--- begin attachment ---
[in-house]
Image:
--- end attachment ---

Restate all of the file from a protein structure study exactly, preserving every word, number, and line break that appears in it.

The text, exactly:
[in-house]
Image: